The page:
"Data-Driven Thinking" is written by members of the media community and contains fresh ideas on the digital revolution in media.
Today's column is written by Allison Schiff, managing editor at AdExchanger. It's part of a series of perspectives from AdExchanger's editorial team.
A vortex of bad news is swirling around Facebook.
First, there was last month’s 10-part “Facebook Files” investigation in The Wall Street Journal based on a leak of information by a then-anonymous source and former Facebook employee.
The whistleblower, Frances Haugen, revealed her identity on 60 Minutes in early October after filing a complaint against Facebook with the Securities and Exchange Commission.
But Haugen had more to share.
Over the past few weeks, she testified in front of Congress, flew to the UK to do the same before Parliament and shared tens of thousands of pages of redacted internal Facebook documents – the same material she turned over to Congress and the SEC – with more than a dozen news outlets in the US and a consortium of publishers in Europe.
Starting on late Friday afternoon and into Monday, a semi-coordinated blitz of more than 50 negative stories based on these documents, dubbed “The Facebook Papers,” hit the home pages of CNN, the Financial Times, The New York Times, Le Monde, The Atlantic, NPR, Reuters and numerous other publications. The pieces contained new details about Facebook’s inaction on the spread of misinformation during the months leading up to the US presidential election, its dysfunctional response to the January 6 Capitol riot and its ongoing failure to effectively moderate content in non-English speaking countries, often with dire consequences.
Oh, and a second whistleblower and former Facebook employee, still anonymous for now, stepped forward on Friday with allegations that seem to corroborate everything Haugen has been saying.
And yet, although Mark Zuckerberg kicked off Facebook’s third quarter earnings call on Monday afternoon with an impassioned defense of his dorm-room creation, not one investor had a single question about any of this.
Almost every question was related to the measurement issues Facebook is grappling with as a result of Apple’s privacy changes on iOS.
The reason for Wall Street’s singular focus is simple. Facebook makes money by selling targeted advertising, and Facebook’s ability to target ads to users and precisely measure the results is under threat.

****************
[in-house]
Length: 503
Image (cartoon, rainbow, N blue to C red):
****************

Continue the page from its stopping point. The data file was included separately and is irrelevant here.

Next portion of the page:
Investors are spooked not because Facebook’s reputation is sunk so deep in the mud it’ll need a compass (not a moral one) to find its way out, but because signal loss and attribution woes are the only things that will cause advertisers to curtail their spending on Facebook.
The fact is, it’s already been proven that moral outrage has no effect on media buying. If it did, last year’s advertiser boycott of Facebook wouldn’t have ended the way the world likely will (as per T. S. Eliot, at least), not with a bang but a whimper.
This is not to say that hard-hitting investigative journalism isn’t vitally important, that the fourth estate can’t hold power to account and speak truth to power – or that whistleblowers are just whistling in the wind.
But a company like Facebook can absorb abuse – and media dollars – so long as advertisers continue to spend. Perhaps it’s an obvious point, but it bears repeating.
Facebook is not encased in Teflon. Reputational damage from negative headlines is real and attracts unwanted government attention.
But if Facebook can kludge together a measurement fix in the short term to deal with its attribution problem, advertisers will stick around. Sheryl Sandberg told investors on Monday that Facebook will likely be able to address more than half of its iOS-related underreporting by the end of the year. Facebook also has plans to develop more robust measurement solutions next year and for the long term.
What about scale, though? The Facebook Papers reveal a company struggling to attract and retain young users. According to reporting by The Verge, the number of teenage users of the main Facebook app in the US was down by 13% between 2019 and 2020 with a projected drop of 45% over the next two years. And Facebook’s own internal research shows that although Instagram is still popular with young adults, they’re starting to use the app less.
Still, Facebook reported a quarter-over-quarter increase across its family of apps (Facebook, Instagram, WhatsApp and Messenger) from 3.51 billion to 3.58 billion monthly users.
All of that is to say, if Facebook can clean up its measurement mess, advertisers will keep on kicking in, plain and simple.
And the rhetoric will remain just that. Rhetoric.
On stage at AdExchanger’s Programmatic IO event in New York City on Monday, InfoSum CEO Brian Lesser, for example, had much scorn for Facebook. Lesser is the former CEO of both AT&T’s Xandr and the North America arm of GroupM, one of the largest media buying agencies in the world.
His opinion matters, and he appeared to speak for many when he said, “I think Facebook is a disaster.” The audience immediately broke out in applause.
“At worst, it’s the most evil company that is manipulating social media to sow discord in our society,” Lesser said to yet more applause. “At best, it’s a horribly run company.”
Perhaps true. But in reality, Facebook just made over $29 billion in revenue in the third quarter alone – more than $28 billion of which came from advertising – and generated $9.2 billion in income, a 17% YoY increase.
As Gizmodo’s Shoshana Wodinsky noted, dripping with irony, in the headline of her story about Facebook’s third quarter earnings: “Good job, everyone!”